8:55 AM  
Blogger vilakudy said...

DON't be modest. Please watch Ameer's Paruthiveeran and leave your impressions.

9:05 AM  
Blogger vilakudy said...

Incidentally, there was a good article in the Sunday Times of India on the critics. It was aptly titled ‘The Death of Critic’. Read:

THE DEATH OF CRITIC.
When the noted film critic David Lardner was asked his opinion on Hollywood's Panama Hattie, he said, "This film needs a certain something, possibly burial."
The Bollywood critic is so much kinder. No film critic in India, in the last fifty years, has actually proved to be the nemesis of the puerile produce offered up in the name of commercial cinema. Critics might have ripped into David Dhawan, Sangeeth Sivan and other purveyors of kitsch, but the box-office has remained gloriously unaffected by editorial sarcasm. This immunity, however, is not reflected in the thin-skinned attitude of film-makers and actors, who hate this tribe of men and women with their easy ability to poke fun at their plots, script and multicrore productions.
So what do a bunch of film-makers do when they get a platform like a television show to air their views on this breed of pen pushers? They belittle the critic, question his intelligence, integrity and knowledge of cinema. "I never read reviews," declared Raakesh Roshan on Koffee With Karan. "I call up my exhibitor in the morning and ask him about audience reactions. Which songs did they walk out in? When did they clap? That's my feedback." Equally disingenuous was Kunal Kohli, who said that a waiter praising his film meant more than what someone from his high horse had to dish out. Logic as implausible as Fanaa.
A Sunday before this, Jaya Bachchan had bristled, "Are there any?" when Karan Johar asked her in the rapid-fire round to respond to 'film critics'. Her contention, which many will agree with, is that those who claim to write criticism are often posers who do little more than detail the storyline, something anyone can do. Their reviews have no informed comments on camera work or lighting. Critics are also accused of not really having the pulse of the people. What better example than Sholay, which a prominent critic of the time dismissed as "a mishmash of East and West, neither here nor there". It was also pointed out that no matter how scathing the critic is about the film, the actors are always eulogised for their brilliant turns, so what if the performance in question gave a log of wood a serious complex.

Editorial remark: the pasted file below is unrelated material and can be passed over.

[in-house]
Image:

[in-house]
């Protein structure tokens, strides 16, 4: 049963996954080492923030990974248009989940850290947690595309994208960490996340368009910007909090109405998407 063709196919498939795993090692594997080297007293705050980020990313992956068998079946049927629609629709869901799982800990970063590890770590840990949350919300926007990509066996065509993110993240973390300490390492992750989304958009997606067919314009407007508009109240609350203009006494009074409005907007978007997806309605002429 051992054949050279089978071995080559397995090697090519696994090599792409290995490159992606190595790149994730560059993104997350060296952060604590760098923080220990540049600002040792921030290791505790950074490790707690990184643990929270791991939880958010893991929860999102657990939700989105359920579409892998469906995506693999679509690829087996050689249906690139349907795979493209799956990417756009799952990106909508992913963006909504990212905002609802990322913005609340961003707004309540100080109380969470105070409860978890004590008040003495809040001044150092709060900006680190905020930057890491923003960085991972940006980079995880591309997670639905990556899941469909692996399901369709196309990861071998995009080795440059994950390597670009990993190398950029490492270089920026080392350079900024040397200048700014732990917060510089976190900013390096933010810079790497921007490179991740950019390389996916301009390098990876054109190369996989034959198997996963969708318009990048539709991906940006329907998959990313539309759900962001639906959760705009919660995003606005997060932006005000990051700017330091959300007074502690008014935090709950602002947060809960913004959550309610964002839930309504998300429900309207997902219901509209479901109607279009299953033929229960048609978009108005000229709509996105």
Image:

"If film-makers don't care for our opinions I can perfectly understand it," says Mayank Shekhar, whose reviews in Mumbai Mirror can be unsparing. "My reviews are not meant for the makers. They are meant to tell the public what the maker has done." Yes, agrees Shekhar, some critics are biased and unfair "but a few rotten eggs don't allow you to attack the entire tribe. When I write my review I have no agenda, nor am I looking to monetise my film contacts."